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Who Is Smarter: Dogs or Cats?

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Pet lovers frequently argue about which popular pet is in fact the better companion: cats or dogs. While the answer to that question is obviously subjective, you'd think there'd be a scientific solution to another debate: which is smarter?
But it turns out science supports both sides. Dr. Joan Liebmann-Smith examined the merits of each animal for The Huffington Post -- but it seems like a draw.
Dogs have larger brains than cats -- and they have been continually growing, while cat brains have stayed the same size over the past 8,000 years.
Dogs are more social than cats, which actually leads to the increased brain size. Because cats don't show any signs of improving their social skills, the brain gap is likely to keep widening.
Unlike dogs, cats only interact with you when they feel like it. And doing tricks? Sure it's possible for some, but certainly not likely.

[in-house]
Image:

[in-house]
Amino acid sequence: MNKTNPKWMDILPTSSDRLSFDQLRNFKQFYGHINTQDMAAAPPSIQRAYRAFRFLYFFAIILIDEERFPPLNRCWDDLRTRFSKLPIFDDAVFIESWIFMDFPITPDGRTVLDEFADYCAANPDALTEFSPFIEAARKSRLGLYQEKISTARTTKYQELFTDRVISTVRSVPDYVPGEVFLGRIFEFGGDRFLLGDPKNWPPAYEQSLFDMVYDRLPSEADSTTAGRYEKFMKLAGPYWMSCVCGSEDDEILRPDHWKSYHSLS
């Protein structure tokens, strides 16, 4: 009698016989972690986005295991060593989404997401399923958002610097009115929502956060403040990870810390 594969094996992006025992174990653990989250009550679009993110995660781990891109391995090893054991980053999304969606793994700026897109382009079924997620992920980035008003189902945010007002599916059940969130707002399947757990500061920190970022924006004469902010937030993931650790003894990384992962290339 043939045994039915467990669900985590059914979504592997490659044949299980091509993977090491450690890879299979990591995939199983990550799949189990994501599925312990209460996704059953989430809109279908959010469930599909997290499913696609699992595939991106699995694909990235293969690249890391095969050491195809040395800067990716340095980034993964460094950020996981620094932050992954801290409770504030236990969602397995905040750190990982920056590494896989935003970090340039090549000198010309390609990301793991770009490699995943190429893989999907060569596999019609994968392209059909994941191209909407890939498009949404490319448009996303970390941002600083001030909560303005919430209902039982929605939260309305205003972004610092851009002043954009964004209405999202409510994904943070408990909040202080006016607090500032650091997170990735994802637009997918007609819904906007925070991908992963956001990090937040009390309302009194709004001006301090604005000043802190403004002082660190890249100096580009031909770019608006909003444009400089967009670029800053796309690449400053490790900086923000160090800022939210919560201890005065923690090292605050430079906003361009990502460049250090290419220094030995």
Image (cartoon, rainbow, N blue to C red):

Dogs contribute to the betterment of society. Dr. Stanley Coren, a psychologist and the author of several books on dogs, wisely pointed out: "We never hear about such things as a 'seeing eye cat,' 'police cat' or 'search and rescue cat.'"
Cats can deliver the mail. According to an 1876 article in the New York Times, an organization known as the Belgian Society for the Elevation of the Domestic Cat once decided to use cats as messengers between villages. The tested whether these housecats could find their way back home from a strange location in the middle of nowhere, and what do you know? They did.
Cats have nearly double the neurons in their cerebral cortex as dogs. Cats have 300 million neurons, while dogs have 160 million -- meaning kitties have a greater capacity for information processing than dogs.
Cats can fend for themselves. Most domestic dogs are completely reliant on their owners. Because they are so dependent, scientists say they've lost the ability to think for themselves and therefore would be unable to survive in the wild.
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